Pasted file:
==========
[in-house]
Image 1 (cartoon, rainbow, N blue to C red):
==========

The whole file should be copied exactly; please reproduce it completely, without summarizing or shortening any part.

[in-house]
Image 1 (cartoon, rainbow, N blue to C red):